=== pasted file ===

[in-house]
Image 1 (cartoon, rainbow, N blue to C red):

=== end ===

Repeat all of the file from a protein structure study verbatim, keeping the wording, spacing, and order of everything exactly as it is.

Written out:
[in-house]
Image 1 (cartoon, rainbow, N blue to C red):